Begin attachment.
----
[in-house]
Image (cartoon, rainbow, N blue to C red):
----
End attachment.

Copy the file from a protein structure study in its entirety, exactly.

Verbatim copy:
[in-house]
Image (cartoon, rainbow, N blue to C red):